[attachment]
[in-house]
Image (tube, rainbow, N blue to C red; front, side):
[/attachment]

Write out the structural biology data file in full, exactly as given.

[in-house]
Image (tube, rainbow, N blue to C red; front, side):